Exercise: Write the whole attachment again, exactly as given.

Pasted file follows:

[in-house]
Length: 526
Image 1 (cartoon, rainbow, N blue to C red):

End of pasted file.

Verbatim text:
[in-house]
Length: 526
Image 1 (cartoon, rainbow, N blue to C red):